As we come off the motorway, and slow to a crawl behind the selfish drivers, who want their lane and will not even relinquish it for us, I want to jump out of the ambulance, run up to the drivers and thrust my blood-stained hands against their windows.  But I sit there, pressing harder, while Para-Girl, almost as pale as our patient, mouths something unintelligible to me.  I know what she is saying, that we are not going to make it.

G-Man, our driver tonight, hunts down the spaces like a heat-seeking missile, and we are moving once again.  As we approach the last few minutes I grasp our patient's wrist, feeling in vain for a pulse.  He is hanging on by a thread, as we storm up the ambulance ramp, to the waiting Trauma Team, to bags of blood, and to a life snatched from the jaws of death.

Monday, 25 April 2011

The Phone Call

What a lovely day! We are all very bubbly, despite the lateness of the hour, as we drive home. I've spent the day with Besty, Mad Dog, our wives and children. We have eaten too much, spent too long in the sun, even played some rugby with the kids, and now it's off to Chez RRD, and then to pack the kids off to bed.

My phone is ringing. We are in Mrs RRD's car, so the Bluetooth remains inoperable, and by the time I have wrested it out of my pocket, and passed it to Mrs RRD, it has stopped. We wait for a few seconds, and sure enough my other phone starts its insistent ringing. I am just parking up, so grab the phone and answer the call from Ambulance Control. A stabbing victim awaits me. I open the door to the house and usher the waiting hordes in. Mini RRD keeps asking me what the call is - I know that if Mrs RRD knows I am on the way to a stabbing she will worry, so I blank him, and rush out to my waiting car.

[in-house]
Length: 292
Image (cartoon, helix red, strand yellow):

Damn! I have been out in the garden all day, and when I slip off my trainers to change into my boots, the sight of my naked feet is a reminder that I haven't got any socks on. Oh well, no time to waste. They'll just have to rub a bit.